A high-performing Jewish academy for boys in Lawrence won National Blue Ribbon School recognition Tuesday -- the only school on Long Island to attain the honor this year.
Rambam Mesivta, which is Orthodox Jewish, enrolls 164 students in grades nine through 12. It is among 335 public and private schools given the award this year by the U.S. Education Department.
Rambam is the second yeshiva on the Island to attain Blue Ribbon status since the program was established in 1982, according to the federal agency's list of honorees. Hebrew Academy of the Five Towns and Rockaway was named in the 1987-88 academic year.See alsoSee test questions
Public elementary schools in East Meadow and Quogue were nominated for 2015 awards by the state. But the two schools were disqualified because of high numbers of students who refused to take state standardized tests in April, affecting a participation benchmark that is among the requirements to be named a Blue Ribbon School.
Administrators at 24-year-old Rambam Mesivta could not take phone calls Tuesday due to their observance of the Jewish holiday of Sukkot. Ira Schildkraut, a former guidance director, expressed delight when informed of the award.
Schildkraut noted that Rambam Mesivta students complete a rigorous schedule of courses, religious and secular, and that they pursue an additional year of studies in Israel or the United States before attending college.
Rambam's faculty "expect a lot of their students and they get it," said Schildkraut, who now works at an affiliated school, Shalhevet High School for Girls in North Woodmere.
The Blue Ribbon program recognizes two types of "exemplary" schools. One group, including Rambam, was rated as having high academic performers. Other schools were recognized for closing achievement gaps between various groups of students, including minorities.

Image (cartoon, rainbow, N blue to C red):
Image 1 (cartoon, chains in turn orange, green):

Rambam's academic courses are taught at a Regents or Advanced Placement level, and the school also offers a science-research program. Students regularly win honors in science competitions, including the national Intel and Siemens contests.
Coursework includes four years' study in Talmud, Bible, Jewish law and philosophy and other religious subjects.
Rambam Mesivta was among eight schools across New York State granted Blue Ribbon status this year. Eleven other schools received nominations -- including the two on Long Island -- but missed the final cut because of the effects of statewide test boycotts, which were the nation's largest.
Federal guidelines generally require at least 95 percent of a school's students to participate in state testing.
The School Administrators Association of New York State, which represents principals and other officials, appealed to federal and state authorities on behalf of the disqualified schools, but was unsuccessful in obtaining waivers.
Jim Viola, director of government relations for the Albany-based group, said Tuesday that schools seeking consideration in the future should inform parents of the decision and "urge parents to have children tested" before going through the "time-consuming rigor" of the application and nomination process.
Viola said he still believes the schools nominated this year should be recognized "for their hard work and their performance."